Influenza virus might have marine origin with fish as early host

Influenza virus might have marine origin with fish as early host

Why in news :

  • A new study posted as a preprint in bioRxiv has found that the order Articulavirales, which includes the influenza viruses, first emerged in aquatic ecosystems, and fish might have been the earliest hosts of influenza virus.
  • The study found that invertebrates rather than fish might have likely been among the first hosts of influenza virus.
  • Besides aquatic origin, the researchers say that the order Articulavirales may have persisted since about 640 million years ago when corals branched off to form other members of Articulavirales in other animals.
  • A 2018 identification of a distant relative of influenza in hagfish only strengthened the possibility of a marine origin of the virus.
  • The researchers stress this point about fish serving as the early host to influenza virus in the preprint.
  • The virus in the Articulavirales order “utilises a large repertoire of transmission routes”.

About Influenza :

Seasonal influenza is an acute respiratory infection caused by influenza viruses which circulate in all parts of the world.

There are 4 types of seasonal influenza viruses, types A, B, C and D. Influenza A and B viruses circulate and cause seasonal epidemics of disease.

  • Influenza A viruses are further classified into subtypes according to the combinations of the hemagglutinin (HA) and the neuraminidase (NA), the proteins on the surface of the virus.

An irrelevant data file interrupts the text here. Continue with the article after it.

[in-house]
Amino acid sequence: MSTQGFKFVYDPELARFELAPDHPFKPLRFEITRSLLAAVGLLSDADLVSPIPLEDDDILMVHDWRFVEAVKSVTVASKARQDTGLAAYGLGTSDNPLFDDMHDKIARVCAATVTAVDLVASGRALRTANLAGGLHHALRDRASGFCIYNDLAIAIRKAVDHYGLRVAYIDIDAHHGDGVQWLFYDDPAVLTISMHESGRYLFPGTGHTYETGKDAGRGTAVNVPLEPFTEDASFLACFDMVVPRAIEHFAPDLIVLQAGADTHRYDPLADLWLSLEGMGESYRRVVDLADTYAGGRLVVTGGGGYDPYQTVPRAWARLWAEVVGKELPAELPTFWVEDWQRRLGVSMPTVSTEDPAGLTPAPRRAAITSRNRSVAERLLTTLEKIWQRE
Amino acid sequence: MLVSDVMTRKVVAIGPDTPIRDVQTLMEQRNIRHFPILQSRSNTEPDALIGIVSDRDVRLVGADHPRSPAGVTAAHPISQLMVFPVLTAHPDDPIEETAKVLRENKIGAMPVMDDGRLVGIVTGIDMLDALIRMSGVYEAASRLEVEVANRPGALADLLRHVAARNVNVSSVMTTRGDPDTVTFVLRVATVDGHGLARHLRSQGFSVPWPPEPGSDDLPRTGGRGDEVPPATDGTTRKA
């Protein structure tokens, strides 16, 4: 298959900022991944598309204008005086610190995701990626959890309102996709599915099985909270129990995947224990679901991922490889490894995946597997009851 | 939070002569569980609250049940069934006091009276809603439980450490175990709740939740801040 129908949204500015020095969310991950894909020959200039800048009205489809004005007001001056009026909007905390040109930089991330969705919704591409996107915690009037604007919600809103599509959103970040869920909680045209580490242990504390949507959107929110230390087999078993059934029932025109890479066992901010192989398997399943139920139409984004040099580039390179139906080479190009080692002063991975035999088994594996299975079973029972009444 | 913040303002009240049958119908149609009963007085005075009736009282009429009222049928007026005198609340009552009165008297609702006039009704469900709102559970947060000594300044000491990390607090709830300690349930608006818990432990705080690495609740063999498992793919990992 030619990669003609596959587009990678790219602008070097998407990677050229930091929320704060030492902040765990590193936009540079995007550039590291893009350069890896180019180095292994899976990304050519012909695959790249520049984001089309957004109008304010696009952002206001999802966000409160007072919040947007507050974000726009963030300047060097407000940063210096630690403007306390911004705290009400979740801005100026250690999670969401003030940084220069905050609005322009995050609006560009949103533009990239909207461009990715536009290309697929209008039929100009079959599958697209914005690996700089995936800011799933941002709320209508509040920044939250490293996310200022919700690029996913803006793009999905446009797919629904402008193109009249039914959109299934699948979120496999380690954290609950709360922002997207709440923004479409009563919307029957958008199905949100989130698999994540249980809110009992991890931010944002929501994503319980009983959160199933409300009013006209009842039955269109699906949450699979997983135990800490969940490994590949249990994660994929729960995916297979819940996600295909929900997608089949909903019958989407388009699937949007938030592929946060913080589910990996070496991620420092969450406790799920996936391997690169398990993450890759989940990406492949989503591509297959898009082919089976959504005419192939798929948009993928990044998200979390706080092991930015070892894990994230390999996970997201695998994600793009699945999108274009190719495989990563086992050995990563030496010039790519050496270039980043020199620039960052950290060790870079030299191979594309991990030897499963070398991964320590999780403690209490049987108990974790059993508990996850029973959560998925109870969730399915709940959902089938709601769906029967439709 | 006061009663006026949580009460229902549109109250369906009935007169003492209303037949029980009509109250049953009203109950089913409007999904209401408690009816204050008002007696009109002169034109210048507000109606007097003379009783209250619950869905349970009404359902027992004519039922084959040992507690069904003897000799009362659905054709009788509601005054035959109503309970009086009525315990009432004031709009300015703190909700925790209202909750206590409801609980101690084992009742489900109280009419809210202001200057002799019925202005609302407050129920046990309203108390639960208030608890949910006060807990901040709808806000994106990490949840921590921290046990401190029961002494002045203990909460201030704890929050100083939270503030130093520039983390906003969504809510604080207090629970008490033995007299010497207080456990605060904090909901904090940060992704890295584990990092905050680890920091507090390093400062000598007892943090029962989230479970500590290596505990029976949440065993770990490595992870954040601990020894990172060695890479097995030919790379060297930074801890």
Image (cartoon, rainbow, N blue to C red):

• Currently circulating in humans are subtype A(H1N1) and A(H3N2) influenza viruses.
  • The A(H1N1) is also written as A(H1N1) pdm09 as it caused the pandemic in 2009 and subsequently replaced the seasonal influenza A(H1N1) virus which had circulated prior to 2009.
  • Only influenza type A viruses are known to have caused pandemics.
  • Influenza B viruses are not classified into subtypes, but can be broken down into lineages.
  • Currently circulating influenza type B viruses belong to either B/Yamagata or B/Victoria lineage.
  • Influenza C virus is detected less frequently and usually causes mild infections, thus does not present public health importance.
  • Influenza D viruses primarily affect cattle and are not known to infect or cause illness in people.

Signs and symptoms :

  • Seasonal influenza is characterized by a sudden onset of fever, cough (usually dry), headache, muscle and joint pain, severe malaise (feeling unwell), sore throat and a runny nose.

  • The cough can be severe and can last 2 or more weeks. Most people recover from fever and other symptoms within a week without requiring medical attention.
  • But influenza can cause severe illness or death especially in people at high risk.

Syllabus : Prelims